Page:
I think perhaps the biggest misconception about working in the tech sector is that you need to be a male technical genius to be respected and get ahead. I was initially nervous that my skillset would never match the unattainable knowledge of my male, technical and educated colleagues, and that because I couldn’t relate on every technical level, that I might be somewhat of an ‘outsider.’ But I can absolutely with full confidence say that this has not been the case at all. I’ve never felt more valued, respected or felt as comfortable working with such a great group of friends and inspiring colleagues as I do now, and I’ve come to realise that everyone can be valued for what they as an individual bring to an organisation, and this isn’t necessarily what’s written on a piece of paper or certificate.

Do you think it is getting easier for women to get into Tech?

While I do believe we are experiencing a gradual shift in gender culture in the industry, I don’t believe that enough is currently being done to encourage women to apply for technology based roles, and I would like to see action taken to address this. I have been the only woman to work for Falanx Cyber for the vast majority of my time with the organisation, and while I don’t believe this has affected me in any way whatsoever, and am very proud to represent women in tech through my role, I’d like to see some of the misconceptions that the industry is male dominant erased and that I can be a very tiny piece in the puzzle of working to achieve this. I think that the biggest problem is that women just don’t even consider working in a tech company.

Are there any particular women in tech who have inspired you?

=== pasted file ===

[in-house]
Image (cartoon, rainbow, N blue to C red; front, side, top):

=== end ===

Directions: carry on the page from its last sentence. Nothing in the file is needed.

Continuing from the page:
I fully admire the incredible impact that Sheryl Sandberg has had upon the projected image of women in technology, for she has been so consistently high profile for so long. I once read a quote by her which read ‘in the future, there will be no female leaders. There will just be leaders’ which is an ethos that I fully support. I think discussions about the role that women currently have in tech is a little taboo, and I’m enthused for a time where both men and women are celebrated for their contributions equally.

What advice would you give to a woman considering a career in the tech industry, who may be put off by the preconception that it is predominately made up of white male privilege?

I think that the industry knows that it has a problem with gender diversity, but that it is actively trying to solve it. The Tech industry is screaming out for more diversity, and as such, Falanx have really empowered me to be the best version of myself, encouraging me to contribute and add professional value wherever possible. I am very proud of all that I have and will continue to achieve in my time with the organisation, and I believe that my influence and position in the company is a testament to the cultural shift that the sector is starting to experience.